Development and validation of a simple prostate cancer risk prediction model based on age, family history, and polygenic risk

Gillian S. Dite, Erika Spaeth, Nicholas M. Murphy, Richard Allman

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Background: Accurate prostate cancer risk assessment will enable identification of men who are at increased risk of the disease. Using the UK Biobank population-based cohort, we developed and validated a simple model comprising age, family history, and a polygenic risk score (PRS) to predict 5-year risk of prostate cancer. Methods: Eligible participants were unaffected Caucasian men aged 40–69 years at their baseline assessment who had genotyping data available and had completed 6 or more weeks of follow-up. Family history was the number of affected first-degree relatives: 0, 1, or 2+. We used 264 single-nucleotide polymorphisms (SNPs) of a previously developed 269-SNP PRS and population standardized the PRS to have a mean of 1. Age was categorized into 10-year groups: 40–49, 50–59, and 60–69. In a 70% training data set, we used Cox regression with age as the time axis to model family history, PRS, and age group. The model estimates were used with prostate cancer incidences to derive 5-year risks of prostate cancer. Using 5 years of follow-up in a 30% testing data set, the model was tested in terms of its association per quintile of risk, discrimination, and calibration. Results: Of the 198 334 eligible participants, 8996 (4.5%) were diagnosed with incident prostate cancer during follow-up and had a mean age of 67.9 (SD = 5.8) years at diagnosis. The best-fitting model included the PRS, family history, 10-year age group, interactions between age and PRS, and age and family history. In the 30% testing data set with follow-up limited to 5 years, the hazard ratio per SD of 5-year risk was 3.058 (95% confidence interval [CI], 2.720–3.438) and the Harrell's C-index was 0.811 (95% CI, 0.800–0.821). Overall, there were 1088 observed and 1159.1 expected prostate cancers, a standardized incidence ratio of 0.939 (95% CI, 0.885–0.996). Conclusions: Men at increased risk of prostate cancer could benefit from informed discussions around the risks and benefits of available options for screening for prostate cancer. Although the model was developed in Caucasian men, it can be used with ethnicity-specific polygenic risk and incidence rates for other populations.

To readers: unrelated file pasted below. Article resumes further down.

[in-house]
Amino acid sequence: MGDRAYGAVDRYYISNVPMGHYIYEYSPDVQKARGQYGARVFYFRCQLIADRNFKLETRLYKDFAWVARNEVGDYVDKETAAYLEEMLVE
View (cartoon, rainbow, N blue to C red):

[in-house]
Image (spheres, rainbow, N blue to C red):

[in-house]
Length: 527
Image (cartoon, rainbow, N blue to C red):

Original languageEnglish
Pages (from-to)962-969
Number of pages8
Issue number10
Publication statusPublished - Jul 2023
Externally publishedYes


  • absolute risk
  • cohort study
  • polygenic risk score

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